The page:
So how am I supposed to interpret Davidson's other claims, about research?

These key factors for educational success - rigor, relevance, and relationships - have been dubbed the new three Rs, with student-teacher ratio being particularly important. Small class size has been proved to be one of the single most significant factors in kids' staying in and succeeding in school. Twenty seems to be the magic number.

The very last book I read, The good school, took a position almost exactly opposite on class size, saying that usually parents are too worried about it, and that the body of research indicates it has only minor effects, and then only for dramatic reductions of the type you are not likely to see in practice. The reader is lucky that Davidson provides a footnote here - but it's to a 1999 summary of prior research, and doesn't seem to fully support Davidson's dramatic claim.

There are other places where Davidson seems to be just talking nonsense:

If we establish a mean, deviation from the mean is almost inevitably a decline.

This is a one-line description of the strangest statistics I have ever heard proposed. I am glad I do not inhabit this particular world of voodoo statistics. It's pretty clear how Davidson feels about mathematicians:

Is the pure abstract thinking of the mathematician really superior, cognitively, to the associational searching and reading and analyzing and interpreting and synthesizing and then focusing and narrating that are the historian's gift and trade? One could also note that it is mathematicians and statisticians, not historians, who tend to make up the statistical measures by which we judge cognitive excellence, achievement, and decline. On the other hand, it was two historians who created H-Bot, that robot who can whup most of us on standardized tests.

Yes, one certainly could note that it tends to be statisticians who "make up" statistical measures. And there could even be something to the argument, if it were made with, say, evidence of how mathematicians make IQ tests that are biased in such and such a way. Such an argument would fit well in the section of the book about standardized tests, which is approximately where, I believe, we first heard about this interesting H-Bot:

In 2006, two distinguished historians, Daniel H. Cohen and the late Roy Rosenzweig, worked with a bright high school student to create H-Bot, an online robot installed with search algorithms capable of reading test questions and then browsing the Internet for answers. When H-Bot took a National Assessment of Educational Progress (NAEP) test designed for fourth graders, it scored 82 percent, well above the national average. Given advances in this technology, a 2010 equivalent of H-Bot would most likely receive a perfect score, and not just on the fourth-grade NAEP; it would also ace the SATs and maybe even the GREs, LSATs, and MCATs too.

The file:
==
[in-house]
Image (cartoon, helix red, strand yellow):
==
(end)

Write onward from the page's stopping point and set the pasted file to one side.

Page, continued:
First, it is interesting to note that the most interesting thing I have heard about being done by historians is in fact a work of computer science. Kudos to that high school student. (And now it's clear where I stand if fight breaks out between hard and soft sciences.) Second, Davidson never actually explains that H-Bot only answers history questions, and even then, only the multiple-choice ones from NAEP (about two-thirds of the history questions, according to the original paper, a very interesting one from 2006 that I would like to look at in more depth in a later post, called No Computer Left Behind). Now, that is not really so bad - mathematicians are not offended that computers can answer math questions. The original paper seems to argue that since knowledge can be recorded, it is not worth knowing. As a student I was similarly keen on history without dates, without memorization. But there is value in having humans know these things, without having to look them up.This recent article provides an illustration: "Only about a third of American adults can name all three branches of government, and a third can't name any. Fewer than a third of eighth graders could identify the historical purpose of the Declaration of Independence." These are not things that you should have to look up - but they are things that you can test quickly and easily with multiple choice. I agree that history classes should not be limited to "memorize this list of the three branches of government", but that doesn't make it off limits on the test. Next, Davidson's claim that just half a decade after H-Bot, computers can easily ace advanced tests, tests that are computer-adaptive and, more to the point, do include essays, is pure claptrap. If she is thinking just of their multiple choice sections it may be possible, with Watson easily winning Jeopardy, showing us that the ability to answer questions is not uniquely human. (But even Watson isn't perfect.) What it doesn't mean is that now humans don't have to know anything.